1. Thanks for commenting Emily. I often am in a dilemma when it comes to photographing strangers – on one hand, I am aware that they may not appreciate it; on the other hand, the situations are sometimes so unusual/striking (could be in good or bad ways) that I feel compelled to record it so that I can share it with someone else or just to remember it. So sometimes I try to get around these by taking a photo from behind or such that the individual is not easily recognised. In more recent times, I find myself searching for more meaning, that I can relate to, in the photos that I take of people and I’d rather photograph individuals who I know and try to tell their stories through my eyes/lens.

  9. I love your photos! I don’t know camera terms but I especially like the way the buildings are both lit and shadowed — that particularly urban feeling of everything being both highly visible and surrounded by night.

    I wonder about the voyeurism/art question often too, especially when I sketch people in public. Obviously the public world is just that — public — and we can’t all control whatever likeness someone may wish to take of us. But I don’t like the idea of my recognizable image being used all over the place without my permission or knowledge. This is why I’ll sketch strangers without their noticing, but I won’t photograph them in a way where their friends would be able to recognize them; that’s what I would be okay with, were I the subject and my permission not asked.

    1. Thanks for your comment Lisa! The light in the photo was mainly from the street – the building has neon lights at its lower levels and it is by a main road. No special technical terms 😉

      When it comes to drawing/painting a portrait, the artist has much room to exercise his/her interpretation of the subject. For a portrait could be a physical resemblance to the subject OR it could be capturing the essence/spirit of this person while not really paying much attention to the physical likeness. I find the latter quite fascinating!

      That said, one could do the latter with photography to some extent and I think this is an interesting challenge. Maybe I should try this sometime, perhaps when I’m next back in Singapore I would do a series focusing on my family!

  10. Fantastic post. I saw the title and thought of the Michael Wolf thing. He was actually the subject of a privacy debate during the exhibition of this series (http://www.scmp.com/news/hong-kong/article/1130423/michael-wolf-photo-exhibit-may-breach-privacy-law-expert-warns), but regardless of privacy, I think using a telephoto lens in this way, when the people are clearly recognisable, makes it so intrusive that it becomes something that isn’t actually very interesting, both in the subject and composition of the photos. The Svenson series is much more interesting in that at least there’s some mystery to the photos and the composition is more interesting.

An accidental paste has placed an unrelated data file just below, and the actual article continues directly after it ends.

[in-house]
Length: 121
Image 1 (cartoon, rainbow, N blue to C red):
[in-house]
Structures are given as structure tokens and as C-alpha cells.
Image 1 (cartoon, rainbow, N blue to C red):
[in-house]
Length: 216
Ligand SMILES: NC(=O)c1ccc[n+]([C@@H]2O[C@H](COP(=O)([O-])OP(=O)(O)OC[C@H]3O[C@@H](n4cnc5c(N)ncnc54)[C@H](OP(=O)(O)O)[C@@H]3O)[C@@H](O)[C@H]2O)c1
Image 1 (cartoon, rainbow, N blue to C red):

The wider angle that you used yourself also makes it far more interesting given a wider context. I think the viewer also finds themselves actually ‘looking’ for people in the photo rather than just being shown everything at once. So maybe it’s actually more voyeuristic on the part of the viewer rather than the photographer. Again, still much more interesting than the telephoto stuff.

    1. Hi Paul, thanks for taking the time to comment and sharing the link. I suppose what one leaves out and includes within a photo are equally important in telling the story that one wishes to communicate. I quite like the idea of the viewer searching for what’s going on within the image!

  11. Being a great fan of Hoppers work I find your diptych very captivating! There are man points of view, many reasons to think in different ways but for me what is important is the respect of the others. If I have a doubt that my photo could disturb the person photographed I wouldn’t take it. I was in HongKong only a few times for a week but your photo really bring me back to that times. That is the HK atmosphere! And I love the color pallette!
    robert

    1. Thanks Robert for taking the time to share your thoughts and I agree with your approach. The film simulation is Kodachrome64 using Raw Photo Processor and it brings out the different lights (from the street, traffic and within the apartments) nicely 🙂